JOHANESBURG – Some 190,000 people could die of COVID-19 in Africa in the first year of the pandemic, and the disease could “be latent” on the continent for years, the World Health Organization warns.

Up to 44 million of the 1,300 million
inhabitants of the continent could be infected in the same period, estimates the
UN health agency, based on its prediction model for 47 countries

The continent has more than 5,000 infected and exceeds 170 dead.

But the projected number of infections and deaths
it is based on the presumption that containment measures are not taken.

Actually, 43 African countries have implemented
measures to reduce the spread of the disease, from quarantines
up to restrictions in large cities and curfews, closings
of schools and prohibitions of public congregations.

The Asian giant is still affected by the pandemic.

More than 52,000 confirmed infections and 2,074
deaths from the virus have been reported in African countries, according to
figures released on Friday by the Centers for Control and Prevention of
Diseases in Africa.

The total number of cases has risen by more than 42% in the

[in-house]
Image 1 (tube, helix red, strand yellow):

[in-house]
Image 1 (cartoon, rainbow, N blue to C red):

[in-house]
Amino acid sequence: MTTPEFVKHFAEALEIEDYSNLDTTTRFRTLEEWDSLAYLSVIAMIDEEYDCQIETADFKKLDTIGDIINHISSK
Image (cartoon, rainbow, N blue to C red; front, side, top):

last week.

The disease seems to be spreading further
slower in Africa than in Europe, according to the WHO report.
Officials say that could be due to less transportation
developed or poorly monitored.

The number of infections has passed 200,000, but deaths continue to drop.

“Although COVID-19 almost certainly did not know
will spread as exponentially in Africa as in other parts of the world,
it is very likely to remain dormant in the drive shafts, “said the
Dr. Matshidiso Moeti, WHO Regional Director for Africa, who resides
in Brazzaville, Republic of the Congo.

He said that the shoots will almost certainly reach
its apex one month after the virus begins to spread in communities.

“COVID-19 could become habitual in our
lives for years to come unless many governments in the region
take a preventive approach. We have to test, track, isolate and
try, ”Moeti said in a video conference.

With a population mostly under 20 years old,
Africa may be experiencing a slower transmission rate, cases
less severe and fewer deaths from a virus that tends to be more severe in